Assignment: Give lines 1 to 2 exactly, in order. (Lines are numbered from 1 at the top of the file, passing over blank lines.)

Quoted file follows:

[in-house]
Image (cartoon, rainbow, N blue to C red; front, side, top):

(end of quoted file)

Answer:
[in-house]
Image (cartoon, rainbow, N blue to C red; front, side, top):